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Re: Why is the `touch-action` CSS property needed?

From: James Greene <james.m.greene@gmail.com>
Date: Fri, 21 Jun 2013 18:06:22 -0500
Message-ID: <CALrbKZi0Kp2YH+dtaV3upYzy5=7cc_O_8nag23EKdQjhW3gd-A@mail.gmail.com>
To: Rick Byers <rbyers@google.com>
Cc: public-pointer-events@w3.org
Thanks, Rick. Perusing through your links explained the situation well.

Has there been any thought given to making `touch-action` an HTML element
attribute rather than a CSS property? As I'm sure you're familiar, the CSS
approach is very troublesome for polyfilling as browsers remove
unrecognized CSS properties, and re-reading the stylesheets and
implementing a CSS parser in JS is definitely suboptimal (though the
"hand.js" polyfill makes a valiant effort in that regard). The other
polyfills (Polymer, Points.js) already use an HTML element attribute
instead because of this limitation.

Having a DOM-based control for DOM events feels like a better separation of
concerns to me than a CSS-based control for DOM events. Perhaps there is
another problem with that approach that I'm unaware of, though, so please
forgive my ignorance if that's the case.

Sincerely,
   James Greene
On Jun 21, 2013 9:26 AM, "Rick Byers" <rbyers@google.com> wrote:

> Hi James,
> The main motivation for a CSS property is for performance on browsers that
> use a separate thread to implement scrolling.  I agree the spec doesn't
> make this very explicit, but it does mention it, eg:
>
> "An additional key goal is to enable multi-threaded user agents to handle
> default touch actions, such as scrolling, without blocking on script
> execution."
> "Touch manipulations are intentionally not a default action of pointer
> events. Removing this dependency on the cancellation of events facilitates
> performance optimizations by the user agent."
>
> This is a really big problem in touch browsers today.  For scrolling to
> feel really good (which we know increases user engagement) we must be able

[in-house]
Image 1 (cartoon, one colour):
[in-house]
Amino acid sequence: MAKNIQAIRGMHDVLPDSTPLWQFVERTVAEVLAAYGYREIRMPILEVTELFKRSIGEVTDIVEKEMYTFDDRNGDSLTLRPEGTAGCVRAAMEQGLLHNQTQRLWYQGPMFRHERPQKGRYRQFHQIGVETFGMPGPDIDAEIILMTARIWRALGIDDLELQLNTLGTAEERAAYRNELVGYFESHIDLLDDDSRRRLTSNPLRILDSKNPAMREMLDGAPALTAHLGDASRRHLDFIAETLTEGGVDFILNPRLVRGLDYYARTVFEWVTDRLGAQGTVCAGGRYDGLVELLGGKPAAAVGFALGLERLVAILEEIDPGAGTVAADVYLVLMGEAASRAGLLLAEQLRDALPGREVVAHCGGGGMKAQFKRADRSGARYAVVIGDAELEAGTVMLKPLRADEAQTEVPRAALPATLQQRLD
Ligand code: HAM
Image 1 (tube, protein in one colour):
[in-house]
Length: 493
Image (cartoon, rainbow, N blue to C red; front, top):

> to do it at a smooth 60fps, but it can be very hard to ensure parsing /
> javascript / layout / painting etc. never takes >16ms - especially on
> mobile devices.  To address this we must be able to scroll without blocking
> on the main thread, but that's not possible if we must wait to dispatch the
> pointer event to the DOM and see if it is cancelled.
>
> I discuss this problem in more detail here:
> https://plus.sandbox.google.com/115788095648461403871/posts/cmzrtyBYPQc
>
> https://docs.google.com/a/chromium.org/document/d/12-HPlSIF7-ISY8TQHtuQ3IqDi-isZVI0Yzv5zwl90VU/edit#heading=h.qsp769rzbdvl
> https://developers.google.com/events/io/sessions/361772634
>
> Rick
>
>
> On Thu, Jun 20, 2013 at 1:38 PM, James Greene <james.m.greene@gmail.com>wrote:
>
>> Perhaps I've overlooked something but I haven't found anything in the
>> Pointer Events spec nor mailing list archives that explains why the
>> `touch-action` CSS property is needed.
>>
>> From the outside perspective of someone who is *relatively* new to
>> Pointer Events, it seems to me that the JS/DOM should always receive
>> Pointer events and that any user agents' special touch actions should be
>> triggered as the default actions for a given Pointer event.  This would
>> mean that you could prevent the user agents' special touch actions simply
>> by calling `e.preventDefault();` from the JS side.
>>
>> However, what I've read so far about this `touch-action` CSS property
>> would suggest that the user agents may trigger their special touch actions
>> *BEFORE *the Pointer event is passed to JS/DOM.
>>
>> I'm also confused why we would want to *require* a CSS property in order
>> to *enable* a DOM event (though I do understand the nicety of using CSS
>> properties to *disable* DOM events, e.g. "user-select:none").
>>
>> Could someone please enlighten me?  Thank you in advance!
>>
>> Sincerely,
>>     James M. Greene
>>     http://jamesgreene.net/
>>
>>
>
Received on Friday, 21 June 2013 23:06:50 UTC

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